Representation in cast

Kyne’s character serves as a representation of gender and ethnic roles within the movie. In the book, Kynes was originally a white man and was even portrayed this way by Karel Dobrý  in the 1984 movie. However, in Villeneuve’s “Dune,” Kynes is played by Sharon Duncan-Brewster, a Black British actress.

The rest of the cast consists of extraordinary and well-renowned actresses and actors including Zendaya as Chani Kynes, Jason Momoa as Duncan Idaho, Timothée Chalamet as Paul Atredies, Rebecca Ferguson as Lady Jessica, Oscar Issac as Leto Atreides, Stellan Skarsgård as Baron Harkonnen, Javier Bardem as Stilgard, David Bautista as Glossu, Josh Brolin as Gurney Halleck, David Dastmalchian as Piter De Vries and Stephen McKinley Henderson as Thufir Hawat.

The cast of ‘Dune’ features representation of genders and ethnicities, but lacks the Middle Eastern representation seen in Herbert’s novel. This potentially feeds the idea that “Dune” is a white savior narrative with cultural appropriation. Considering where the movie took place, it is hard to imagine that Villeneuve was unable to incorporate this. However, these are not the only holes that Villeneuve failed to incorporate. Yet, he will have the opportunity to fill these minor story gaps in “Dune: Part Two,” set to release in 2023.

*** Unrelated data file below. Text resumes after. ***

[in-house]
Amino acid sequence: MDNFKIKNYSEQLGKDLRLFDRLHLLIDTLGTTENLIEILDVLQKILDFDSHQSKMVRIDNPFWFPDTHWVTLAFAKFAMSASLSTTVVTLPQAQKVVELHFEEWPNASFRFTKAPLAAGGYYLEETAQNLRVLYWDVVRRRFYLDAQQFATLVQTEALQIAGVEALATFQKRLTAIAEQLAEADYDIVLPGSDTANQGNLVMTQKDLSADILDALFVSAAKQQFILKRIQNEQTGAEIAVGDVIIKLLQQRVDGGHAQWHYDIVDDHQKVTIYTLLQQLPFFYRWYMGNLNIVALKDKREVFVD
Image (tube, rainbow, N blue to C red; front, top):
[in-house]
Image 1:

The film’s immersive score

It is not just the filming locations that bring the audience closer to the story of Dune. Hans Zimmer, a German film score composer best known for his work “No Time to Die,” “Interstellar” and “Inception,” brings a landscape of immersive music to the film. Untraditional sound techniques such as throat singing, non repetitive drum rhythms, war horns, scraping metal, bagpipes, electric instruments and haunting female vocals — which, according to Variety, are to represent the Bene Gesserit order — all play a role in conjuring the disorienting sounds of “Dune.”  

With the unorthodox use of unnatural instruments to create music and sounds, Zimmer’s music transports viewers into an otherworldly experience. It connects the audience with the hallucinogenic effects of spice and other unsettling psychological aspects of the film.

While there have been failed attempts, Villeneuve’s “Dune” is a cinematic masterpiece. By incorporating the ecological, spiritual, political and psychological aspects of the late novel, Villeneuve almost accurately creates the world that readers of “Dune” have envisioned and waited 56 years for.